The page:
Year of Shakespeare: ForestsAdaptationYear of Shakespeare

  • Kate McLuskie
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This post is part of Year of Shakespeare, a project documenting the World Shakespeare Festival, the greatest celebration of Shakespeare the world has ever seen.

Forests, dir. Calixto Bieito,  with dramaturgy from Marc Rosich,  with the Birmingham Rep, Barcelona Internacional Teatre, and the RSC, 31 August 2012 at the Old Rep Theatre, Birmingham

By Kate McLuskie, Shakespeare Institute, University of Birmingham

On a damp, ‘last day of summer’ evening, the historic Birmingham Rep, home to Barry Jackson’s pioneering modernism, was dwarfed by the towering, never-to-be-completed project of the dystopian city-centre. The desire for the forest, the heath, the open-land where humans might face unaccomodated nature made complete sense. But Nature, for us, is always out of reach, always at once obscured and re-lit by other people’s writing: William Golding, Tennyson, Sam Beckett and, of course, Shakespeare.

The opening impressions (designed by Rebecca Ringst) made the contrast clear: a brightly lit but hazy, art gallery set housed a single tree, high on a wicker box plinth; a long man in a deep fur-collared coat slumped against it. Asleep? Dead? Certainly channelling Waiting for Godot. Elegantly dressed visitors drifted in, contemplating the art work. A tall young woman with a guitar, a Joni Mitchell figure, began to sing the lyrical Orpheus song from Henry VIII that slid into a triumphant anthem: ‘To liberty and not to banishment!’ The visitors, who had made the glancing eye-contact and tentative smiles of gallery behaviour, began to play, first with a ball and a bucket, thrown to the audience and exchanged for sweets, then throwing off their street clothes to show children’s dresses and open shirts, free movement and close contact.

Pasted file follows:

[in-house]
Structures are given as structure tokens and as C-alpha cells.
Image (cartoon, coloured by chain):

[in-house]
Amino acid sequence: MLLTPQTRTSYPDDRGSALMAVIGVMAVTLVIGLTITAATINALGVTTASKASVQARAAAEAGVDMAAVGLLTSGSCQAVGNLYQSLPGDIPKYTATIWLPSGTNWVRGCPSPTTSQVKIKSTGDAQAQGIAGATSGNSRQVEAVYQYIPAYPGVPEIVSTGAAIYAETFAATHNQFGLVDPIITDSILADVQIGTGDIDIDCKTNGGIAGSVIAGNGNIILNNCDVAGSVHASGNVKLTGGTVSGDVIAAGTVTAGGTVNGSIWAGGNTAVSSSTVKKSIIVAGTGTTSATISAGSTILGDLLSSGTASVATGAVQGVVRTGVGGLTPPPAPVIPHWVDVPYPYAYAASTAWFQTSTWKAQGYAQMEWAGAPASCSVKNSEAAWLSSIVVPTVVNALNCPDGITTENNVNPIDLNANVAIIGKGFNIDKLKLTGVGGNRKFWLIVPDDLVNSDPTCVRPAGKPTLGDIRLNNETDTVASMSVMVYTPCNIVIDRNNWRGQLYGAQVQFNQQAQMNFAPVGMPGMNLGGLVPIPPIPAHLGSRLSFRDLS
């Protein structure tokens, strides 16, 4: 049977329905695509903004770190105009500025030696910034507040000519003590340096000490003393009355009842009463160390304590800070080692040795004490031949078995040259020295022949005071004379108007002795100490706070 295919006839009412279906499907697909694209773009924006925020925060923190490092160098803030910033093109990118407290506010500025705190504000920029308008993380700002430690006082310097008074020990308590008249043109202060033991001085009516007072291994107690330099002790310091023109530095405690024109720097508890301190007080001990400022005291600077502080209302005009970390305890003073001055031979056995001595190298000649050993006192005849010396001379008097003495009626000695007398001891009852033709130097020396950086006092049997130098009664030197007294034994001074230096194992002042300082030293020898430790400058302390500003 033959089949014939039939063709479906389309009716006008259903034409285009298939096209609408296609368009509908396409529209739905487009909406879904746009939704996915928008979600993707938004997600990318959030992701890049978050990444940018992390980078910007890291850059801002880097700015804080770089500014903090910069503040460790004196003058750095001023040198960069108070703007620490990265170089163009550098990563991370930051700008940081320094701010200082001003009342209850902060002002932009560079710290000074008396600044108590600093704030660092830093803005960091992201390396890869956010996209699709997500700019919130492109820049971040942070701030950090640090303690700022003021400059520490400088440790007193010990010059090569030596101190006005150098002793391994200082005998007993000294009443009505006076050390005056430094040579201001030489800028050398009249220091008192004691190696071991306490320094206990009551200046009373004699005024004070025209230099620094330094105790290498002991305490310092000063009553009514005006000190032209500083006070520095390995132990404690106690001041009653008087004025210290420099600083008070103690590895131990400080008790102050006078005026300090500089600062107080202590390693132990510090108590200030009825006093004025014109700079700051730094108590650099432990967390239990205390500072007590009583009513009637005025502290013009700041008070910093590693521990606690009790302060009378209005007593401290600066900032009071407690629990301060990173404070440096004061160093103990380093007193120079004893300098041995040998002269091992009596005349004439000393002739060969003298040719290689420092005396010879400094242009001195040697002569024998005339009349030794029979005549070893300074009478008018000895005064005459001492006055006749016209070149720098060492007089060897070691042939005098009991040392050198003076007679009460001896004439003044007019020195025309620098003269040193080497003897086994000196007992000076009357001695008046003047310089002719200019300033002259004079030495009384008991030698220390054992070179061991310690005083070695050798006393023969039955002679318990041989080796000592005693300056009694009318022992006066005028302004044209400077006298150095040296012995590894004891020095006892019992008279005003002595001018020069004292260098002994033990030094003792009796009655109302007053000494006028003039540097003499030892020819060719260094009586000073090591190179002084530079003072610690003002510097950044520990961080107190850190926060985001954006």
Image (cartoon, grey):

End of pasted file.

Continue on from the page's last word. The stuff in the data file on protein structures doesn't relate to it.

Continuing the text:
Nature was a festival: Glastonbury or Shambala. There was, to begin with, no rain and mud; but the lighting changed for each speech, and the wind that brought down a forest of white paper strips drew us through the contradictions of even the most benign of Shakespeare’s forest speeches, spoken and sung in English or Catalan backed by the fantastic eclectic styles of  Maika Makovsky’s music:  ‘Sweet are the uses of adversity’; ‘there is a willow grows aslant a brook’; ‘He hath my lord, of late made many tenders/Of his affection to me’.

In the first section the forest was a place of love: joyfully consummated on stage, crossed dressed, lost and heartbreaking, the impulse for wild, funny and terrifying madness. A Jaques figure (George Costigan) – sometimes the Twelfth Night  Orlando or Touchstone or Polonius – gave the fragmentary scenes some anchorage. He spoke the Seven Ages of Man speech to console the sobbing, abandoned woman (Phoebe?) as her erstwhile lovers made out next to them. He watched while ‘Rosalind’ and ‘Orlando’ swapped clothes on stage; he marvelled at meeting ‘a fool in the forest’ and acted as the grown-up to the crazy children. The man in the fur coat, the Catalan actor, Josep Maria Pou, was a more elusive and possibly more sinister presence. He ended the ‘love’ sequence with Jaques’s lament for the deer; no longer a familiar set speech, but an enraged denunciation of nature’s destruction by careless humans.